Oct 16, 2012
    If you really are "on the verge" of going pro, you will be far more able to answer this question than 99% of the people posting on this forum.

    And, again, if you really do have an offer on the table, and said offer knows what your sound and capabilities are, then obviously the answer is yes.
  12. bassbenj


    Aug 11, 2009
    This is exactly it. IF you are going to be a "professional" anything, it means you are going to mke a living at it and that means it's a BUSINESS.

    And you are CEO of that business. Probabaly CFO, VP of marketing, Director of Research and a bunch of other jobs as well.

    This means that you have to identify something to sell. The rule in business is : Nothing ever happens until somebody sells something.

    And to sell something you have to identify a product, the market for that product, the prospects for growth or even continuance of that market as well as other possible markets you might expand into later.

    So in the case in point, the product is bass playin in Old School, solid groove, Fenderish style. The question then has to be is there enough demand for that product to support your business. And will that demand continue for a period of time.

    Music like many other businesses are very fad-driven. You aren't making copper pipe that has stayed the same for centuries. Today they can't get enough of one thing and tomorrow they don't want any but want something else.

    So right here you have to make a decision. Are you going to follow the demand and adapt your product to the demand or are you going to attempt to DRIVE the demand to your particular product. Neither is more correct, but the latter is much more difficult, though rewards can often be extreme compared to the former.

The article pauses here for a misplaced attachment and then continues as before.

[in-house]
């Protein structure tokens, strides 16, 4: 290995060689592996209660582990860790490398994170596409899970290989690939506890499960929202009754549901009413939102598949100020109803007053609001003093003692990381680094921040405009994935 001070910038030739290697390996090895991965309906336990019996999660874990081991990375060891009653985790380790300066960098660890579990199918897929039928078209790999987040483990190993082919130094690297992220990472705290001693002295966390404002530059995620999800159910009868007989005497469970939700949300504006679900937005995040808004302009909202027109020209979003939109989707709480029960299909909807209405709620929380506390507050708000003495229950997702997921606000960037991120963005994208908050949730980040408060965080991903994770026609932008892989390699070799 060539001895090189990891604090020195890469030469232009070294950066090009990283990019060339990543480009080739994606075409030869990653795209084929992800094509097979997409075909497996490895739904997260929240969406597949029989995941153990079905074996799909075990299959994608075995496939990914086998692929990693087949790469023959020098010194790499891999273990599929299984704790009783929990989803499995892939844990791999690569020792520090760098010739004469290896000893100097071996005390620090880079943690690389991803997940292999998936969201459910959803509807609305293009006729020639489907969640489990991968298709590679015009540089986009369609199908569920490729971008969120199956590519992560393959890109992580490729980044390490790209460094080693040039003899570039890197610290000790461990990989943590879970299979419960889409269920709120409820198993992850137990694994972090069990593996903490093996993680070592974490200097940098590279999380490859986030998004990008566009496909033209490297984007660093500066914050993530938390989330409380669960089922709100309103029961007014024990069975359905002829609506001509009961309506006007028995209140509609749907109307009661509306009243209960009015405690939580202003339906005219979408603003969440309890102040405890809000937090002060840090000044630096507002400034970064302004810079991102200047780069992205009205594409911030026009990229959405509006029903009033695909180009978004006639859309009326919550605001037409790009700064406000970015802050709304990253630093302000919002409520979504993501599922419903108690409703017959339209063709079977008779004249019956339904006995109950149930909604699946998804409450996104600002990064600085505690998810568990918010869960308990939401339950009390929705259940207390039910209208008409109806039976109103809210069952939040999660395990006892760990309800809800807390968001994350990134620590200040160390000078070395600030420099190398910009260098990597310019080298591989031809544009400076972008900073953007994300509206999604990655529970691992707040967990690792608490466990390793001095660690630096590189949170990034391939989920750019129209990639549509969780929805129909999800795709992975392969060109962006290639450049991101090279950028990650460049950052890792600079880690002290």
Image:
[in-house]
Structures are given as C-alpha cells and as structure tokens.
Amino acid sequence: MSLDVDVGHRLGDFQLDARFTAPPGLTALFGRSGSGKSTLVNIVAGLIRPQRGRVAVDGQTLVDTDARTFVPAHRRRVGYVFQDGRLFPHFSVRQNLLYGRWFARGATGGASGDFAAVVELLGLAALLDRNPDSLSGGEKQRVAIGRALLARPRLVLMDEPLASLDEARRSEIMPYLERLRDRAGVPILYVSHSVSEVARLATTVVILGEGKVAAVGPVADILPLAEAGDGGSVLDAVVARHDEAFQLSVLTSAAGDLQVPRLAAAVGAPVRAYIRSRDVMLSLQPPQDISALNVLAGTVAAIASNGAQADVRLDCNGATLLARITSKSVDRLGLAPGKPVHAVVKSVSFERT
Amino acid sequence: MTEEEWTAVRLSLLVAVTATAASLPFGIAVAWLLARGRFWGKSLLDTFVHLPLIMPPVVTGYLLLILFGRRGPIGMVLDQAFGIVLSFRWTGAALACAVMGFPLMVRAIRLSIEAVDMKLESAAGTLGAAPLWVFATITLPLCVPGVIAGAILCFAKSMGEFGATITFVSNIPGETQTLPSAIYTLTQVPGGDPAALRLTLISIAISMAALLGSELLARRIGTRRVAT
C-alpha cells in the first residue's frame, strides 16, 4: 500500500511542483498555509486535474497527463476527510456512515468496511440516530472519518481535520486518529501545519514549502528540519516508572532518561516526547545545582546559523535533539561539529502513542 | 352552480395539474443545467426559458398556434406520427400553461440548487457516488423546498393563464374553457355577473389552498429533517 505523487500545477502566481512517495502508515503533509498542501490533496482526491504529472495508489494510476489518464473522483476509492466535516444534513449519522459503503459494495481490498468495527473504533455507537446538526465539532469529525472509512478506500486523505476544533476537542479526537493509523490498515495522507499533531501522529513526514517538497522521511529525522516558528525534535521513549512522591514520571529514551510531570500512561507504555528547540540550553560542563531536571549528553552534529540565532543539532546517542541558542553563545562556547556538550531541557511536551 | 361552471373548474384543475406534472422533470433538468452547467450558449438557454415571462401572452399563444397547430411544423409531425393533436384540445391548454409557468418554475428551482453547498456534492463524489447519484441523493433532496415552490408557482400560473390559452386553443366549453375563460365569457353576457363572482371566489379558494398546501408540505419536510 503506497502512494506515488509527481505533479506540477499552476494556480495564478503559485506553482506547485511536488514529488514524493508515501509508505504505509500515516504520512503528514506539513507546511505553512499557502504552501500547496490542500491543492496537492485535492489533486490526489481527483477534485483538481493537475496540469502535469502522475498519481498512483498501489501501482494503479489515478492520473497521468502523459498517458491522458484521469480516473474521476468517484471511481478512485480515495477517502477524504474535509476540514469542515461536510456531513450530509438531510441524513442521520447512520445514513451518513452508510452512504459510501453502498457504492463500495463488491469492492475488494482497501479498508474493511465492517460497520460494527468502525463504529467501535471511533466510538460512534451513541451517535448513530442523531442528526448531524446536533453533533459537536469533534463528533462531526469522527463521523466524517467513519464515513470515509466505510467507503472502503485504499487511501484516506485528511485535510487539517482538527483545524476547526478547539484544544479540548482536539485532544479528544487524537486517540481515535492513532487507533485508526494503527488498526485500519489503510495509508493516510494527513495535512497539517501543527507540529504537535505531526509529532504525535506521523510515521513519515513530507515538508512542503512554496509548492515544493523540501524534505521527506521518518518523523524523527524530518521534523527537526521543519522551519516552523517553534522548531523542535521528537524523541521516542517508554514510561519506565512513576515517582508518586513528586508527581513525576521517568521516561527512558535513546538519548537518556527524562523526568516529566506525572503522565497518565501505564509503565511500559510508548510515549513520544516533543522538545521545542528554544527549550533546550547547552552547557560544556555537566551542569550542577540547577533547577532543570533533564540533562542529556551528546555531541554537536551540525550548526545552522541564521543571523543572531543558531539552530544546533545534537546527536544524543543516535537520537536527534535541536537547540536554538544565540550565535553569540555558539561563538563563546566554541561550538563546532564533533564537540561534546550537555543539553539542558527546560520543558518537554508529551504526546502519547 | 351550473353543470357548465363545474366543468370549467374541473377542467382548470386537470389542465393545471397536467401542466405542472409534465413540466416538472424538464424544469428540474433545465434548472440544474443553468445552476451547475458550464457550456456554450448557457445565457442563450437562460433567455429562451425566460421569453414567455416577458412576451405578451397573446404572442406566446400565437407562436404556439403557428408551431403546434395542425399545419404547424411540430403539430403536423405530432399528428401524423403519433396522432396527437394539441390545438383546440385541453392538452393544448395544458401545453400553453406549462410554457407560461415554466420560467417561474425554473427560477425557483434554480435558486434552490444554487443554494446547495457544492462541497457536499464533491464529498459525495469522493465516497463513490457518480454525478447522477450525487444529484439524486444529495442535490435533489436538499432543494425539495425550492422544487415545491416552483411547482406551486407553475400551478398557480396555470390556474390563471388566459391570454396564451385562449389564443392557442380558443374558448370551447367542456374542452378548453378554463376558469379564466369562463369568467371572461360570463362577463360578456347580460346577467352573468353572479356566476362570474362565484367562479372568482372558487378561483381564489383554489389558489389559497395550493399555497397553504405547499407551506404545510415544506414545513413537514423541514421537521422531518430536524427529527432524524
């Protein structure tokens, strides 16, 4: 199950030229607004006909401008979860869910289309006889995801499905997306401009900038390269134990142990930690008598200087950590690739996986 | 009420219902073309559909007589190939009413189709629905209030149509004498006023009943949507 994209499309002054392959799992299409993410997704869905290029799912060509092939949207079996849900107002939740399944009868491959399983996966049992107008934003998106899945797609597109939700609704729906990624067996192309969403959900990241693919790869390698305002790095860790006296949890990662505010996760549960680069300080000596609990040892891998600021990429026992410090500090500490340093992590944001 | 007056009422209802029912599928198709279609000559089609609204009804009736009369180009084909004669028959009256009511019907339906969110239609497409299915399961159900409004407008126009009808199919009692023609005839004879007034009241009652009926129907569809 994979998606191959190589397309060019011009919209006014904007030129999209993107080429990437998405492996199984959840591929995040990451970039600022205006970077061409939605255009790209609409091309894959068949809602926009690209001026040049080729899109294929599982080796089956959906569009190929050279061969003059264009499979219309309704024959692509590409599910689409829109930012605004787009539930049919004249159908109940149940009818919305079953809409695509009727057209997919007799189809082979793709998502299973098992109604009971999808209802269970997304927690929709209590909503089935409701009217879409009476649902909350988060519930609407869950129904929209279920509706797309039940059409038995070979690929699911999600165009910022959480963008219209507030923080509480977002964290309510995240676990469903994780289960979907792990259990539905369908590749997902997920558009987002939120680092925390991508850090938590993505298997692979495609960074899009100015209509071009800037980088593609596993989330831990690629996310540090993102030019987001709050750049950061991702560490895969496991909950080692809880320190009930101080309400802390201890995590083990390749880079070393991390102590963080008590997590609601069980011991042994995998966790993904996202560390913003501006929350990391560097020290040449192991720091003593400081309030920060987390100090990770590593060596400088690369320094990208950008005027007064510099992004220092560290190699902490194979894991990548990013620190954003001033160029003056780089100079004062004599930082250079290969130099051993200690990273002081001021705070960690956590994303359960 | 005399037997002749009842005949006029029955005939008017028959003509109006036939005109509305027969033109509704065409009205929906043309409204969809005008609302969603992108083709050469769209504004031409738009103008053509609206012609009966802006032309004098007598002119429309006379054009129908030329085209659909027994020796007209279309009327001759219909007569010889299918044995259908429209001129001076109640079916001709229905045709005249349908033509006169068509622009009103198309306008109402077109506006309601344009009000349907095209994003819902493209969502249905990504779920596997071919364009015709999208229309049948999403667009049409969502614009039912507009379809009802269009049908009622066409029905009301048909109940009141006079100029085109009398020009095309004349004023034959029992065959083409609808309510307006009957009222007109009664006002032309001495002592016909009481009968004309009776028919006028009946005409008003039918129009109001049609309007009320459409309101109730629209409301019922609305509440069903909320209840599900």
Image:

Point is that YOU are CEO of the business. The decision whether or not to invest company funds and the time it takes to learn to play it the way people want in a butcherblock bass is YOUR decision and you'll have to justify it by the return that investment brings back in.

    Business is so complex and there is such variety, nobody can tell you what these decisions should be. All of them are in a sense "correct" because you can find examples of ALL of them where they have been made to work. But that isn't the question. The real question is which way is best for YOU. And sadly only YOU can answer that one and that depends on your exact situation and views.

    The imporant message is that the "right" way to go usually takes a few mistakes trying the "wrong" ways first, but the businesses that turn out sucessfull in the end are the ones that make the mistakes, learned from them and kept trying.
  13. nukes_da_bass

    nukes_da_bass Banned

    Feb 19, 2006
    west suburban boston
    If you and your band like your tone all should be well.
  14. Blueinred


    Mar 12, 2009
    Greater Cincy
    Obviously, it comes down to the band and what they/you are shooting for. Modern Praise music, fusion funk, etc. you better have the more modern tones to offer. Wide swath cover band you need almost every bass tone in the known universe. But I'm noticing recently A LOT of popular bands on TV and video where the bassist is playing some version of a P or J type bass, some with 5 strings, and laying down a basic rich and thick classic tone. Personally, I like using a variety if the tunes call for them. But the tunes run the show and have the final say, IMHO. Good luck and keep thumpin'.